A stereotype is a popular belief about specific social groups or types of individuals. These beliefs are assumptions based on images, or simply names. Stereotypes can be found everywhere, and high school is no exception.
From a young age, American children are told that the “All-American girl” is comparable to Barbie, or Marilyn Monroe. That Africa looks like it does in The Lion King and on commercials illustrated by starving children.
Movies tell us that people with glasses are smart, blondes are dumb, and teens with piercings are rebels. Movies embrace many stereotypes, which is fine, but the problem begins when the generalizations leave the theater.
“All people see when they think of Africa is starving children, because that is what all those commercials show… but there is so much more to Kenya than what the TV shows,” said senior Tim Nakhisa.
Curious to see if this was true, a random survey was conducted on fifty Heritage seniors. After questioning the students about how they imagined Africa, a whopping thirty-eight said that when they envision Africa they think of “starving children.”
Clearly there are starving adults in Africa, but everyone only mentioned the children. A few even admitted to picturing Africa exactly like it was in The Lion King. Clearly Heritage is not immune to assumptions.
Many people have begun to use stereotypes as a reason to ignore or even bully others. When one looks at another through these unoriginal molds, they feel as if they already know who that person is. Sixty-four percent of the interviewed seniors felt as though they had been unfairly stereotyped.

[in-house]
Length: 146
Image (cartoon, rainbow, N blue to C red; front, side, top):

One student wrote, “I like to wear black, and people often ask me if I’m depressed. No one wants to hang out with a girl who is sad… even though I’m not.”
Is this okay? Is it alright for us to alienate each other due to an assumption?
One way we can fight stereotypes is by allowing ourselves to be open-minded and get to know someone before jumping to conclusions. One of the best ways to do this is by communicating with different social groups, and getting to know them personally, rather than judging them from the outside.
The survey was only conducted on a small percent of the school, and over half of them had experienced being categorized. Many said they knew that some stereotypes are meant as jokes, but they still hurt.
It isn’t fair to let these fixed views from meeting new people, nor to deny a person the chance to be independent of the conventional classification placed upon them. Forty-eight of the seniors said the reason bullying fueled by stereotypes continues is due to fear.
“Fear of standing out, fear of them saying ‘I can’t believe you took that seriously’. Or fear of them turning on them,” said one senior.
Imagine a Heritage in which we didn’t assume that someone was smart based on their race, or dumb based on their hair color. Now is the time we stop being afraid. Now the time is for students to be part of the solution and stop stereotyping.
-Written by Cheyenne Sutcliffe & Ashley Davis